This study assessed the impact of vision-related relicensing policies on traffic fatalities in the United States.
There is a limited empirical basis for state vision testing policies for relicensing.
Furthermore, it is uncertain whether contemporary vision standards for driver licensing achieve their implicit goal of protecting the public's health, or inappropriately restrict the mobility of competent drivers.
The 48 contiguous states and the District of Columbia were the « subjects » in this investigation.
During the study period (1989 to 1991), 10 states did not require vision testing for driver license renewal.
Multiple regression modeling was used to assess the impact of vision-related relicensing policies on traffic safety and to estimate the number of avoidable vehicle occupant fatalities and corresponding economic costs associated with traffic crashes involving older drivers (=60 years).
The primary data source for this investigation was the Fatal Accident Reporting System (FARS) database.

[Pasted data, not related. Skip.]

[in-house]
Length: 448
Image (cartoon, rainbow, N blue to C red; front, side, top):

Vision-related relicensing policies were significantly associated (p<0.05) with lower vehicle occupant fatality rates of older drivers.
According to the final regression model, approximately 222 fewer vehicle occupant fatalities (-12.2%) associated with older drivers would be expected for the 3-year period if mandatory vision testing policies had been in effect in 8 of the 10 states without such policies. (...)
Mots-clés Pascal : Licence, Conduite véhicule, Renouvellement, Accident circulation, Exploration clinique, Vision, Rapport coût bénéfice, Etats Unis, Amérique du Nord, Amérique, Homme
Mots-clés Pascal anglais : Licence, Vehicle driving, Renewal, Traffic accident, Clinical investigation, Vision, Cost benefit ratio, United States, North America, America, Human
Notice produite par :
Inist-CNRS - Institut de l'Information Scientifique et Technique
Cote : 98-0154537
Code Inist : 002B30A03B. Création : 21/07/1998.